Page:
Expositor's Dictionary of Texts
Now of the things which we have spoken this is the sum: We have such an high priest, who is set on the right hand of the throne of the Majesty in the heavens;Heaven's Teaching on Earth's Duties
The experience of Moses on Mount Sinai, to which our text refers, was a remarkable example of communion between God and man. We may thankfully accept it as a symbol of spiritual truth, and typical of recurring experience. Fellowship with God is not peculiar to any age, or clime, or race; and access to the Father is now far more generally enjoyed than in Mosaic times; for since then the world has seen and heard Him who said: 'I am the way, and the truth, and the life; no man cometh unto the Father, but by Me'. This verse reminds us—
I. That nothing is too trivial for God to notice. Moses was instructed in the mountain about the making of bowls, and dishes, and spoons, and staves, and tables. And if this fact suggests no other truth, at least it may remind us that the God of Jews and Christians is essentially unlike the God imagined by Epicureans—ancient and modern; for there is nothing too insignificant to be cared for by Him. Human knowledge, especially of late years, has been going in the direction of the trivial. While the Son of God was on earth, what small things He cared for! He who spoke with angels noticed children playing in the marketplace. Now, if this be so, we ought not to wait before going to Him for help until some crushing sorrow comes to break us down.
II. We may speak to God about ordinary affairs in seasons of highest communion. If we are conscious that Christ goes with us, as He went with His disciples, to street, and marketplace, and home, we may speak to Him about every grief and anxiety that comes.
III. Even slight deviations from Divine directions are forbidden. I fear we must acknowledge with shame that even professedly Christian people, in dealing with those outside the Church, have sometimes deliberately set aside the principles they profess; and the Sermon on the Mount has been condemned as impracticable and absurd. If it be true that even slight deviations from Divine directions are forbidden, we must guard ourselves against those forms of sin which we generally condone.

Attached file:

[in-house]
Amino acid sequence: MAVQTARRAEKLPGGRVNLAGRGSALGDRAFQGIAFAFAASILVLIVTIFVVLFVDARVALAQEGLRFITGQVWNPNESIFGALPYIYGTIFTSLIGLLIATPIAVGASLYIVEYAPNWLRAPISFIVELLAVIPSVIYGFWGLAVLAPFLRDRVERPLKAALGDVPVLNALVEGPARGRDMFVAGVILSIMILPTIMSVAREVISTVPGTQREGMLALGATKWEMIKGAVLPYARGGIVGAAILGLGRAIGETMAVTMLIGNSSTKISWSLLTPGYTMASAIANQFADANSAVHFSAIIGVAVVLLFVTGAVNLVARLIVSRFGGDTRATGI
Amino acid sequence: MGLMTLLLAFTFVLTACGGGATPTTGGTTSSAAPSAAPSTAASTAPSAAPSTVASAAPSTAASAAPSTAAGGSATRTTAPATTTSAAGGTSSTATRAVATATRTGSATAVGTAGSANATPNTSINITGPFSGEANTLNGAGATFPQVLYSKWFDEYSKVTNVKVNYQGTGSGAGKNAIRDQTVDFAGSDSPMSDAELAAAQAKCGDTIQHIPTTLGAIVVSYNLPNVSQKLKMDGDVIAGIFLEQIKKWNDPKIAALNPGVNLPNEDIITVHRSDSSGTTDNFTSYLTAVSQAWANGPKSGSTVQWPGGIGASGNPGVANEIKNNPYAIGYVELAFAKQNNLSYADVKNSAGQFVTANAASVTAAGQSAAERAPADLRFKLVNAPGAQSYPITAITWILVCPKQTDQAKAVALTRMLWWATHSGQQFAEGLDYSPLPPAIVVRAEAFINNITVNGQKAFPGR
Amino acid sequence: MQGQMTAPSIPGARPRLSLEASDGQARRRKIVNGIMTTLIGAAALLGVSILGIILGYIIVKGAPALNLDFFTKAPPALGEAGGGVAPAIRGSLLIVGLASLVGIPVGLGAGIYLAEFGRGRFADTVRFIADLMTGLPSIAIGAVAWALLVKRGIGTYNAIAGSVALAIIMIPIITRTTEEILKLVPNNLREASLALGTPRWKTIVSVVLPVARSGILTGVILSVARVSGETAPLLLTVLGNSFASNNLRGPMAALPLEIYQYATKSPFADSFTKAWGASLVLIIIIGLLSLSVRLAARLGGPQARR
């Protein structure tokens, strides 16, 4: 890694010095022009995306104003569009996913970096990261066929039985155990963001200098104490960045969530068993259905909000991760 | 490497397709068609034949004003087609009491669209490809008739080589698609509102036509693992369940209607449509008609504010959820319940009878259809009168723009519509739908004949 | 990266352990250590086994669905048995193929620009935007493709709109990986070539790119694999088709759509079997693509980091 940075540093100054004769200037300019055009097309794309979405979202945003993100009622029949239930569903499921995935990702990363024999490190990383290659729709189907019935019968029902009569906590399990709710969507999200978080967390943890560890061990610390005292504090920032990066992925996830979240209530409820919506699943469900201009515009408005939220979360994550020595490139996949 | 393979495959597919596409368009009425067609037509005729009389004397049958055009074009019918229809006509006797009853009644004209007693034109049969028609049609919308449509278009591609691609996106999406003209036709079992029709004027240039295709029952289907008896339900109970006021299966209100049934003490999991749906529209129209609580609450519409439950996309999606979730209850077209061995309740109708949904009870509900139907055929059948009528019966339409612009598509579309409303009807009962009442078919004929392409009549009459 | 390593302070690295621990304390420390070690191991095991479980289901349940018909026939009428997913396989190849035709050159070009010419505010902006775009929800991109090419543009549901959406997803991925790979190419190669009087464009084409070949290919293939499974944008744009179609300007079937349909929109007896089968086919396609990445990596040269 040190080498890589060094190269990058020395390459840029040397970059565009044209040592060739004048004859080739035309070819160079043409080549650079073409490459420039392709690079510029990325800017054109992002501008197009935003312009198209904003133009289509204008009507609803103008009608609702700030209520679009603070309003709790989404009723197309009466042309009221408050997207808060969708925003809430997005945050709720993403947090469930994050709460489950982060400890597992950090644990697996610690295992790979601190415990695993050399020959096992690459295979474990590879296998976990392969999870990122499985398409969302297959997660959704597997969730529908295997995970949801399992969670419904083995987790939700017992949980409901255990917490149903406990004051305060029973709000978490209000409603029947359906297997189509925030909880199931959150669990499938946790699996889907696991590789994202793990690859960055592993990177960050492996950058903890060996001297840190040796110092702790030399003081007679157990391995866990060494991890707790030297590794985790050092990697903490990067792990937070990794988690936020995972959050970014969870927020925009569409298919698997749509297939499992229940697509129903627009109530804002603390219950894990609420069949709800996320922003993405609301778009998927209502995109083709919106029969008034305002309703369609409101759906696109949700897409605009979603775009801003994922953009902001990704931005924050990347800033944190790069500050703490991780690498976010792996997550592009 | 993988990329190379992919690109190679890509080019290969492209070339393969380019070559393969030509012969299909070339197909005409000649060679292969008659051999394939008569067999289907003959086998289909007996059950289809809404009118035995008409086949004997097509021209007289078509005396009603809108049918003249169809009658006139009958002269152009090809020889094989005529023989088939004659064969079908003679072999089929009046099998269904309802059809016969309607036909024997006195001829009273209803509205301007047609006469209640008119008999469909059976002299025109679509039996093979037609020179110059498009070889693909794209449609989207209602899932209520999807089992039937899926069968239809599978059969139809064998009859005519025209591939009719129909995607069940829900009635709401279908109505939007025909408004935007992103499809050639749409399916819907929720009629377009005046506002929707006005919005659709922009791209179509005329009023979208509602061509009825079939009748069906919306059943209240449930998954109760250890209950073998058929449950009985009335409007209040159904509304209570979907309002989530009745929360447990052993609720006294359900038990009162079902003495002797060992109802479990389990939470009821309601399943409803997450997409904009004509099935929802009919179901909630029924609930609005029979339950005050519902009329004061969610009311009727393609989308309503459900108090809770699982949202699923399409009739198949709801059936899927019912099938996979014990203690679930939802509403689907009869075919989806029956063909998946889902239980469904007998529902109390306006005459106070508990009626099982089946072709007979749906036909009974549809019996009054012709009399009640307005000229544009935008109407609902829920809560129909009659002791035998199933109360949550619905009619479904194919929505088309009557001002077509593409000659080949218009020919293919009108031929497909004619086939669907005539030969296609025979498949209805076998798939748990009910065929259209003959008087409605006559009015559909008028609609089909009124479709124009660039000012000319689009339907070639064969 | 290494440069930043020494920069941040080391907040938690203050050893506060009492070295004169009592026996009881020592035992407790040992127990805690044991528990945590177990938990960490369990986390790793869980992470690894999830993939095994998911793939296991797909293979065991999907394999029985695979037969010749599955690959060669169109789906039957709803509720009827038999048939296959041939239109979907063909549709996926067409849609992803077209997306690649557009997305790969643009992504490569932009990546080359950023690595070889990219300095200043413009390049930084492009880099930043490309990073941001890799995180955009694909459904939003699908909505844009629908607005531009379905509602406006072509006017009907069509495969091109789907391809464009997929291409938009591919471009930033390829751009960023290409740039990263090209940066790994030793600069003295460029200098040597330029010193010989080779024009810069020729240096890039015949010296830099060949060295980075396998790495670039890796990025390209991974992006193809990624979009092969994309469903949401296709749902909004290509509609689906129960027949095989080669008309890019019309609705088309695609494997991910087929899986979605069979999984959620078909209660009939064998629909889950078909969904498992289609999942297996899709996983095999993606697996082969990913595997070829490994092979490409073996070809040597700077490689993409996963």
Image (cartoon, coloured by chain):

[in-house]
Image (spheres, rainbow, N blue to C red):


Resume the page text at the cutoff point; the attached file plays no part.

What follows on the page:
IV. What God calls us to do has more depending on it than we suppose. God expects of His servants what we, with less right, expect of ours—absolute fidelity and thoroughness in work, even though we do not see the object of it
—A. Rowland, The Burdens of Life, p. 209.
The Pattern in the Mount
Here is a man who has left the multitude, with all its disturbing heats and clamours, and has sought the unperverting coolness of solitude, and on the cloud-capped height has found communion with his God. Now, one of the richest gifts with which God has dowered the race is the gift of mountain-men, men whose dwelling-place is on high, to whom the rarified atmosphere is their native air, who are finely perceptive of heavenly callings, and who are keen-eyed to discern the ideal tracings of the finger of God. There are the poets. What are these but mountain-men? And, then, there are the prophets, men again who have been cloistered on the heights with their God, and who descend into our mean discords with 'the voice of the great eternal' ringing in their mighty tones. There are mountain-moments in every life, when our tiny circle is immeasurably enlarged, when the cloud-rock breaks, and we see things as they are in the radiant glory of God.
I. Now in those mountain-moments we are all idealists. For what is an idealist? An idealist is one who sees the true idea of a thing. (1) In our mountain-moments we see the true idea of life. We see that the ideal life is a life of sublime fellowship, with sensitive perceptions and correspondences with the Highest. (2) And in these mountain-moments we see the true idea of the means of living. (3) And in these mountain-moments we see the true idea of society, as being a sacred fellowship, a gracious combination where competition does not poison or bruise, a fertile altruism in which the individual surely finds his appointed crown. (4) And so, too, we have the true idea of the fallen, the idea of the prodigal and the Magdalene, the pattern in the mount for her and him; God's design in heaven for thee and me. (5) And we have the true idea of little children, as princes and princesses of royal blood, who are called to sovereign eminence and service in the inheritance of the saints in light The command is laid upon us as upon the men to whom the words were first spoken: 'See that thou make all things according to the pattern showed to thee in the mount'.
II. And how are we to set about the task? (1) Let us keep our imaginations freshly and vividly furnished with the ideal we wish to realise. A great friend of Westcott's wrote this great word about him: 'He was only strong because he saw, and took time to see'. Amid all our jostling and clamouring realities let us take time to contemplate the vision on the mount (2) If we would retain the vision of the ideal, and be ministers of its incarnation, we must avoid all disgusting habits, whether the vulgarity be obtrusively bold or concealed beneath thin and superficial refinements. Above all, we must cultivate the fellowship and the friendship of the Lord Jesus Christ in that glorious communion, in that supreme ministry of grace, it is possible for us to keep a clear eye and a ready and obedient hand.